Last updated on December 10, 2019 at 04:41 pm
Most of us have been there: driving in the winter or trying to beat a snowstorm home when your car starts sliding and you lose control. Panic sets in. Before that happens, here’s what to do if you’re wondering “what to do if my car starts sliding?”
When in doubt, stay home. The best and most guaranteed way to avoid slick winter driving is to just stay home. Reschedule any plans you had, make some hot cocoa, binge watch your favorite shows or build a snowman. Waiting until the roads are safe is a lot easier and smarter than dealing with an accident.
Still, you may occasionally find yourself caught unawares or in a situation where you must drive through the snow or ice. Here’s what driving school instructors and professional rally drivers have to say:
“[In] winter driving, you’re more likely to slide, you lose traction on your tires, so make sure to drive slower than usual,” says Casey Atkinson from Willie Driving School. He also advises to always, always, always make sure your tires and windshield wipers are in good condition. Slick roads aren’t made any easier if you can’t see and your tires are bald.
If you have the option, take a front-wheel drive vehicle on a snowy day. According to Lionel Firn, a one-time Northern England Stage Rally and National Peugeot 205 1.6GTI champion and founder of DriverSkills Driving Academy, “You get a lot more grip, mainly because the engine is over the driven wheels and the heavy weight of it pushing down gives you better traction.” But don’t worry if a rear-wheel drive vehicle is your only choice; it’s okay. Just add weight to the trunk via bags of sand, cinder blocks or other heavy items.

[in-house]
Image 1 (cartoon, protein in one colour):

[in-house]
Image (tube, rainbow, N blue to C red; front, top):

When you’re on the road, take it slow! And don’t think all-wheel drive, four-wheel drive, traction control or snow tires mean you can zoom along. Most of these features are actually useless when cornering or braking. Mark Stohlberg, vice president of training at MasterDrive Experience, Colorado’s driver safety program, explains it perfectly. “It’s like giving someone the best skis on the market,” he says. “It’s not going to make them a good skier.”
Even following the guidelines above, there’s still a chance that your car could slide. Let’s be clear here: this information does not guarantee you’ll avoid an accident. The only tried and true way to avoid accidents on slick roads is to stay off of them.
What it is: Your front tires have lost their grip on the road.
Why it happens: Usually due to too much speed when coming into a corner.
How to fix it: Take your foot off the gas and apply brakes gently. Slightly steer where you want to go. (A slight steer will have more impact than a bigger steer.)
What it is: The opposite of understeer – your rear tires lose grip with the road. The back of your car will start to slide sideways.
Why it happens: Most often this happens due to wheelspin, or when your tires spin without getting any traction. This can also happen if you’re going too fast and apply brakes while turning a corner.
How to fix it: This varies based on your vehicle. If driving a rear-wheel drive car, just take your foot off the gas and gently steer where you want your vehicle to go. If driving a front-wheel drive car, take your foot off the brakes and gently apply gas.
Counterskid aka Fishtailing
What it is: The back end of your vehicle skids back and forth and tends to build momentum the more it slides. If you’re unable to correct the first couple of skids, you’ll most likely generate enough energy to make the third skid very difficult to recover from and it could be very violent.
Why it happens: You attempted to correct an oversteer (see above) and failed.
How to fix it: Avoid over correcting! Look down the road to where you want your car to go and steer just enough so your tires point in that direction.
Be safe out on the roads and always err on the side of caution! Happy (and safe) driving!
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